Commonwealth Court reversed Workers’ Compensation Appeal Board (Board), which affirmed the decision of a Workers’ Compensation Judge (WCJ) for “constraining the Impairment Rating Evaluation (IRE) review solely to the earlier accepted descriptions of Claimant’s work injuries.”
After twenty years of history for this claim, the specific issue at stake in this decision comes down to whether “prior injury descriptions in previous WCJ decisions [related to the same Claimant and work injury] dictate what may be considered in the IRE.”
More specifically, Employer sought to modify Claimant’s “indemnity benefits from total to partial” through the IRE performed by a physician-evaluator, Dr. Rodriguez. The initial IRE report only included “the diagnosis currently accepted via the NTCP [notice of temporary compensation payable], NCP [notice of compensation payable], mutual stipulation, and/or Court’s decision.” Thus, Dr. Rodriguez limited her review to the injuries “described in the prior decisions of the assigned WCJs.” However, Dr. Rodriguez qualified the evaluation based on the fact that “additional, non-accepted diagnoses are, in fact, attributable to the world-related injuries.”
Consequently, “Employer asked Dr. Rodriguez for an addendum to the report including the whole person impairment rating based upon the diagnoses listed in the clinical summary.” The addendum report produced a different IRE rating. As the Court stated, “[t]he difference between the ratings in the IRE Report and the Addendum is significant because the former is below the threshold impairment rating of 35% or greater, which establishes the presumption for continuing total disability, while the latter is above the threshold.”
The WCJ found the Addendum report was not “credible” and subsequently granted the conversion to partial disability benefits. The Board agreed with the WCJ “reasoning that the rendering of credibility determinations was within the domain of the WCJ.” It further concluded that “Dr. Rodriguez did [apply professional judgment] in her initial IRE Report.” Claimant appealed.
The Commonwealth Court reversed the Board, affirming Duffey v. Workers’ Comp. App. Bd. (Trola-Dyne, Inc.), 152 A.3d 984, 984 (Pa. 2017), which held that “a physician-evaluator must consider and determine causality in terms of whether any particular impairment is ‘due to’ the compensable injury.” Further, the Court clarified that the physician-evaluator, within their professional judgment, can “consider causality relative to a given condition.”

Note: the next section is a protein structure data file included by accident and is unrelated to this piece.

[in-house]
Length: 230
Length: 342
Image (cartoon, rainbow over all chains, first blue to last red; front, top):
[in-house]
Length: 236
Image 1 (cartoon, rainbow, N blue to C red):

Evaluated through the lens of Duffey and its progeny, this case affirms and clarifies the directive enunciated in Duffey’s holding, for “physician-examiners must exercise independent professional judgment to make a whole-body assessment of ‘the degree of impairment due to the compensable injury,’ which discernment cannot be withheld on the basis that the physician-examiner believes the undertaking is a more limited one.” 152 A.3d at 996 (citing 77 P.S. § 511.2(1)).
The Court also explained that Section 422 of the Act affords physician-evaluators discretion to “determine what diagnoses are ‘due to’ a work-related injury, outside the ordinary modification [litigation] process.
Judge Leavitt filed a dissenting opinion that not only seeks to affirm the WCJ’s province to determine questions of fact, such as expert credibility, but also laments the current state of IRE case law, extolling Justice Wecht’s own dissent in Duffey II, which states, in relevant part, “[w]ith today’s decision, the majority by judicial fiat converts the statute’s impairment-rating process into one in which physicians must scrutinize each ‘condition’ hinted at by a claimant, and then determine which, if any, are ‘fairly attributable to the compensable injury.”
Questions about this case can be directed to Paul A. Pauciulo at 267-861-7588 or firstname.lastname@example.org.